Sorry Snapchat: Your Photos Don't Disappear and Other Reasons I Don't Like You

So you’ve got the latest phone, and you have just downloaded all the latest apps. Amongst the barebones of Facebook, Instagram, and Twitter you’ve decided to socialize with trendier programs like Snapchat and Whatsapp. Everyone knows that what you post on the internet is technically always existing out in cyberspace, but what about when you specifically use apps that have ‘no trace?’

Snapchat, an app that has been steadily rising in popularity as a form of instant messaging, allows users to send pictures to their friends that get deleted automatically after a maximum ten-second delay. The premise of a self destructing photo, allows users to send photos with a sense of security that the media they send won’t negatively affect their reputations, friendships, careers, etc. It also has become an increasingly popular platform for sexting, as the app will not store any data you send.

It is pretty clear why Snapchat has become such a popular messenger as it has; however, as for me, I would have to say sorry Snapchat your idea isn’t so iron clad.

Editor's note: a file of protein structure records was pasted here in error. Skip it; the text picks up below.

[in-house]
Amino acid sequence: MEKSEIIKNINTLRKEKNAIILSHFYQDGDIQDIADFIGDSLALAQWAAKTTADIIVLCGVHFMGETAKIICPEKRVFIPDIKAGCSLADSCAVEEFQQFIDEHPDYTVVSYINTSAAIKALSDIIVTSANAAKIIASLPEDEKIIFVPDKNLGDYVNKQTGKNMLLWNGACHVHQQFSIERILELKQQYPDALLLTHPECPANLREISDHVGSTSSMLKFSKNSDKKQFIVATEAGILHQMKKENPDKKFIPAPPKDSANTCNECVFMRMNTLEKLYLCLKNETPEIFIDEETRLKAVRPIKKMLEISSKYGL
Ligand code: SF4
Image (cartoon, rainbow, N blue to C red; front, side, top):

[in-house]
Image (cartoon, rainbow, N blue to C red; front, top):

Friends that receive your pictures can still screenshot whatever you send, and although the original application had built in warnings when a screenshot was taken, new iOS updates of the app do not show such warnings anymore. In addition, many websites and programmers now have access to all those dirty pictures you might send. “”  cultivated a collection of screenshots users took while using the app and published them on their website.

Richard Hickman, a 24 year old forensics examiner, can retrieve Snapchat photos in a procedure that takes on average six hours, despite the ‘disappearing photo magic’ Snapchat claims. His private firm based in Orem, Utah will recover photos for $300 - $500 for anyone from lawyers to parents to the police. Obviously most of us probably have nothing to worry about other than some hideous selfies we have taken to express mundane life events to our friends, but I am sure that you’d think twice about a nude pic, or incriminating photo if you realized how easily accessible it really was.

Of course, Snapchat’s $860 million privacy policy explicitly states that there is no guarantee your data will always be deleted, so they aren’t too picky if one of your picture messages happened to be let loose. As far as they know everyone reads those terms and agreements before using an application right?
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© Miss Lauren Kyle
Maira Gall